Ticket: free; Busses: 26/K26, 33/K33, 36/K36, 41/K41, 316/K316, K57, K58, K78, K209, to Desheng New Village 德胜新村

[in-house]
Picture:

With all its dim lit streets and back alleys, Hangzhou seems to offer a dizzying array of culinary delights and distractions. But today's Hangzhouvian is busier than ever before. Who's got time to waste dodging traffic, or sitting in traffic, to go to some hole in the wall across town that serves great nan. If only there were a place that offered the whole enchilada or, uh, baozi? - in neat rows of red-covered tents with bare naked bulbs dangling precariously overhead. Or perhaps you're tired of chewing on breads from local bakeries that feature pork floss filling and the aftertaste of fake whipped cream on your tongue. We bought some chocolate muffins from a bakery chain the other day that had the overwhelming flavor of cat food, and not chocolate cat food. Just cat food. Let's face it, for most of us, finding something to snack on late at night is usually solved by visiting the local C-Store, but that's a game plan that gets old quick when you've had your tenth package of instant noodles and canned Heineken in a row. The MORE crew decided to check out the Victory River Food Street, since Heineken sucks and frankly we're sick of it, and decided that it would be much healthier to visit Hangzhou's newest street cuisine attraction. Once there, our eyes lit up as we saw (and inhaled) fresh Stinky Tofu (10RMB for eight pieces), Xiaolongbao (5RMB), Fruit Candy (5RMB), Baozi (1RMB), and of course the ever-present Meat Skewers (3RMB) that handily complete the picture of any food-related event around here. The whole stretch spans over 500 meters, with parking available in a lot located right in the middle of the whole thing. It gets full pretty fast, so be sure to come early if you're driving. Once you're on your feet and walking around, you'll notice there is a lot to see and eat, as one side of the venue is made up of individual booths (about 70 in total) and the other side is made up of restaurants from some of the most recognized and respected tourist eateries in town, including Chuan Wei Guan, Old Man's Oil Fried Shrimp, Taiji Food Paradise, Family Xu's Bull Offal, and Qingjing Restaurant, to name a few. You'll have to come and see for yourself as the lights go on after the sun sets, and clouds of steam create a wispy and alluring fog of odors that enshroud you, but take it easy, the Food Street is open from 5:00p.m. to 2:00a.m. which means there's plenty of time to get a look before you submit to your desire to shovel handfuls of fried dumplings into your mouth, only to find out that you should have left room for one of those amazing candied fruits on a stick that look almost too pretty to devour.